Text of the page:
Italian by birth, Lully made his career in France, where he rose from the position of a page to Mlle de Montpensier to that of Composer of the King’s Music, Master of Music to the Royal Family, and to a position of complete control of all musical performances that involved singing throughout. He collaborated with Molière and with Corneille, and, more particularly, with the poet Quinault, creating comédies-ballets and tragédies lyriques, in both of which there was an element of dance (a French royal preoccupation). The most important French composer of his period, his development of the French overture—with its introductory, slow dotted rhythms and ensuing fugal section—was influential, as was his insistence on orchestral discipline, particularly in the matter of string bowing.
The tragédies lyriques of Lully exercised a strong influence over French opera in his lifetime and in the years that followed his death in 1687. These works are usually treatments of subjects drawn from classical mythology. With changes of fashion, they are rarely heard nowadays in the theatre, although overtures and dances from the operas may appear in instrumental programmes. The comédies-ballets, in the creation of which Molière was a junior partner, are now generally performed without the music and ballet that were essential elements in the original works (although the music for Le Bourgeois gentilhomme may be better remembered).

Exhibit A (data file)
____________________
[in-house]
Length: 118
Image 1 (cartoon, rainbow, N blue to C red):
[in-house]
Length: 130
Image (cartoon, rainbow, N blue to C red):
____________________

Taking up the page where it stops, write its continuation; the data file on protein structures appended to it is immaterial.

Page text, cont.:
Lully was also influential in the choice of music and musicians for the royal chapel. His compositions for the church include a number of motets: some six grands motets and 14 petits motets. Examples of the first are the fine setting of the Dies irae from the Requiem Mass for double choir, the Te Deum, and the Miserere, the last a favourite of the King. Examples of the second are his settings of the Vespers Psalm Dixit Dominus, the Anima Christi and the Regina coeli.
Instrumental works by Lully include various sets of dances from his stage works and 18 Trios pour le coucher du Roi.